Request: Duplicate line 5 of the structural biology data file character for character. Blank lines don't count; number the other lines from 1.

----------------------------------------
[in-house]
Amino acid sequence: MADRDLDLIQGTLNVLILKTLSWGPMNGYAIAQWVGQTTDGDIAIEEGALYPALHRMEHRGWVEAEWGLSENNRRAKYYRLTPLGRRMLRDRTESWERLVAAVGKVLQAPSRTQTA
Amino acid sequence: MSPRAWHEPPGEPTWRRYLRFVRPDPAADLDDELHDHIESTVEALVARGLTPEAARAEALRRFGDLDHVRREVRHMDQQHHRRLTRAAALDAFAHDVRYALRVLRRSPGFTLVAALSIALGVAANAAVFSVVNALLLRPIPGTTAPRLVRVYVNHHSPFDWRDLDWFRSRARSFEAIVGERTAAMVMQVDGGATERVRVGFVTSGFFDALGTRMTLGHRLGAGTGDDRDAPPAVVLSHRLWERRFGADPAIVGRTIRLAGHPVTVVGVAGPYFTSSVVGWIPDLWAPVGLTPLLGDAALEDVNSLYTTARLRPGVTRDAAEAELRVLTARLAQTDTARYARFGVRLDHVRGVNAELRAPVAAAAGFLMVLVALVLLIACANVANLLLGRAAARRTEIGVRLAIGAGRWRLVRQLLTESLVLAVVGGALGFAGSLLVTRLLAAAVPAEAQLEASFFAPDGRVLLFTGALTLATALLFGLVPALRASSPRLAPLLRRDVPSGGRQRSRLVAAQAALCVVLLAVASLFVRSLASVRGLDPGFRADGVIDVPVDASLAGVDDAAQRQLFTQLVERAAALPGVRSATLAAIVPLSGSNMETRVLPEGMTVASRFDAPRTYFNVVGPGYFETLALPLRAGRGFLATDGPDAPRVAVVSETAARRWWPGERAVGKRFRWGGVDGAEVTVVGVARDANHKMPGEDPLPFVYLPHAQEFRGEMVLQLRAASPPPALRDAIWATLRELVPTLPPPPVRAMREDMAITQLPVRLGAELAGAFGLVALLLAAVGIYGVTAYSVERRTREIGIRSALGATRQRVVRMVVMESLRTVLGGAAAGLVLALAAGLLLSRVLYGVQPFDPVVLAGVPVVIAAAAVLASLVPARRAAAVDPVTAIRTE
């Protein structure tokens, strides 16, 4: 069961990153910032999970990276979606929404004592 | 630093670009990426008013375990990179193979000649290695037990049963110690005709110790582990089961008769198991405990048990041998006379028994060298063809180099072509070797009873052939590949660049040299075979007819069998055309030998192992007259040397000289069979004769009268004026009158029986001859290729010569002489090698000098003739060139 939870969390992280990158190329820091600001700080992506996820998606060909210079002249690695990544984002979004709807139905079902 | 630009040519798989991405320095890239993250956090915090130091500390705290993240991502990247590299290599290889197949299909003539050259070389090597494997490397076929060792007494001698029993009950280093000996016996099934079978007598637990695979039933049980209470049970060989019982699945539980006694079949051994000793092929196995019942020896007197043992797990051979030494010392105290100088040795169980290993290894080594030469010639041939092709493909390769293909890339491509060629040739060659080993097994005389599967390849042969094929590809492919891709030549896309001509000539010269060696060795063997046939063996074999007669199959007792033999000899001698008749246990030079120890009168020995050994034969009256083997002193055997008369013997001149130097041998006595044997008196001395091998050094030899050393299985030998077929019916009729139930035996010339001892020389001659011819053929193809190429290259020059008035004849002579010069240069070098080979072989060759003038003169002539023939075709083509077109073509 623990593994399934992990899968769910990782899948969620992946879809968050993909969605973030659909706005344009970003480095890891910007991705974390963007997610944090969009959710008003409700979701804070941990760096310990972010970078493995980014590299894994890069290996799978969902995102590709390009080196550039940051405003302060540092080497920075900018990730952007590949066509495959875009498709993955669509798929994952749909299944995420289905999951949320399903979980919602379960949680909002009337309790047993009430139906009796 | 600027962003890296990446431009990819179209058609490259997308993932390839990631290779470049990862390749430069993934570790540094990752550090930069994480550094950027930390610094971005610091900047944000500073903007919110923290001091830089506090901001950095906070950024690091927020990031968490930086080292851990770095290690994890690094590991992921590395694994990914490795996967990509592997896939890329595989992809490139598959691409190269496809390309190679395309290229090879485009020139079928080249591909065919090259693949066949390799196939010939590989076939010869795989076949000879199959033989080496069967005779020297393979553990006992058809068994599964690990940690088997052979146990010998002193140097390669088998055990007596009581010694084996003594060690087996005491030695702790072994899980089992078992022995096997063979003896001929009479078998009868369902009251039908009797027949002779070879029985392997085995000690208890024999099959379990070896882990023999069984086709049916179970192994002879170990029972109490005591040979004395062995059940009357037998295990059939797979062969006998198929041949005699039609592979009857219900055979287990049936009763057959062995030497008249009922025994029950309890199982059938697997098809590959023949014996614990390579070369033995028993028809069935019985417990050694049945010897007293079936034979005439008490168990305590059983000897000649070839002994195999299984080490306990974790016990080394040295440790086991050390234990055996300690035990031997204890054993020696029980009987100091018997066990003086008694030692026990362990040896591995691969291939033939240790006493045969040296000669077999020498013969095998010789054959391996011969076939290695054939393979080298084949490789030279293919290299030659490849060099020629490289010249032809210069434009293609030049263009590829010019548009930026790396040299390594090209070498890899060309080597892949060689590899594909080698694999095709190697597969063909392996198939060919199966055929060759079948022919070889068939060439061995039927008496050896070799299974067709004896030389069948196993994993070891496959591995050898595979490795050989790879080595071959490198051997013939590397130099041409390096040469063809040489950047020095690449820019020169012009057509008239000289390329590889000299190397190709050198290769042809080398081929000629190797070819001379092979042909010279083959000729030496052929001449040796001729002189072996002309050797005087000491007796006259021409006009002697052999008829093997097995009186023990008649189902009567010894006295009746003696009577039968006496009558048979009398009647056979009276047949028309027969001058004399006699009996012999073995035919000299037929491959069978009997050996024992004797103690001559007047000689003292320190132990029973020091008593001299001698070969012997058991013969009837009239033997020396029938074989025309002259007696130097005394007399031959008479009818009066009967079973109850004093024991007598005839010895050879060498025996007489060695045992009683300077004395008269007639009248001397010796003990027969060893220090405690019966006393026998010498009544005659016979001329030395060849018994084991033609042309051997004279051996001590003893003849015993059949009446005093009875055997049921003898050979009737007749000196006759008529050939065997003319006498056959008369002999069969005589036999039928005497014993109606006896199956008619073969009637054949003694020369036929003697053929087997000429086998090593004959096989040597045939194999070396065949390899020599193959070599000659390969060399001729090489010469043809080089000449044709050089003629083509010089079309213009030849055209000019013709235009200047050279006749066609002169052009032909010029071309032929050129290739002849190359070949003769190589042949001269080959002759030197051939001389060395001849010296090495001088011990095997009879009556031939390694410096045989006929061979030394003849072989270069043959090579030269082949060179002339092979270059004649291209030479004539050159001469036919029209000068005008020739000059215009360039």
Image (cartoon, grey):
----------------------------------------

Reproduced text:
Image (cartoon, grey):